Using depolarizing voltage ramps from –100 mV to +100 mV under whole-cell patch clamp conditions, we measured TRPA1-mediated responses from HEK293T cells transfected with wild-type human TRPA1 or wild-type human TRPA1 together with the voltage-dependent phosphatase cloned from Danio rerio (Dr-VSP) to selectively deplete PIP2 (Hossain et al., 2008; Okamura et al., 2009; Zimova et al., 2018; Figure 1A). We applied 20 s steps from 25°C to 15°C and to 35°C first in control extracellular solution and then in 50 μM carvacrol, the non-electrophilic agonist of TRPA1. At positive membrane potentials the current responses were not significantly different, indicating comparable expression levels. The comparison at −80 mV indicates that an acute level of membrane PIP2 regulates both the rate and extent of the response to individual stimuli (cold temperature or agonist) but does not affect the synergy between the stimuli (Figures 1B,C). Using the same voltage protocol, we measured currents from cells expressing the H1018R mutant (Figure 1D). Notably, the H1018R mutant exhibited significantly increased current responses at −80 mV upon the simultaneous application of agonist and cooling (Figure 1E). The voltage dependence of cold activation (Figure 1F) illustrates the opposite effects of the H1018R mutation and the acute PIP2 depletion. To find where negatively charged PIP2 will most likely be bound, we used the structure of human TRPA1 [Protein Data Bank (PDB) ID: 6PQQ; (Suo et al., 2020)]. By means of the “Mutate residue” plugin in VMD software (Humphrey et al., 1996), H1018 was mutated to R1018. The “PME Electrostatics” module of VMD was used to compute electrostatic maps, which were visualized with UCSF Chimera (Pettersen et al., 2004). As shown in Figures 1G–I, the H1018R mutation substantially extended the positive electrostatic potential surrounding the allosteric nexus formed by the cytoplasmic region situated just below the transmembrane core, indicating an increased probability of PIP2 binding (see also the Supplementary Material).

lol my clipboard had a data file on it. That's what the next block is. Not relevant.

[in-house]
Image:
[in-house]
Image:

These results further substantiate the previously proposed role of the proximal C-terminal linker in the PIP2-mediated regulation of TRPA1, and also indicate that the cold sensitivity of the channel can be modulated by membrane lipids. Consistent with our results, the allosteric nexus containing this region has been recently proposed to be an important determinant for phospholipid binding as well as for TRPA1 gating (Zhao et al., 2019; Suo et al., 2020).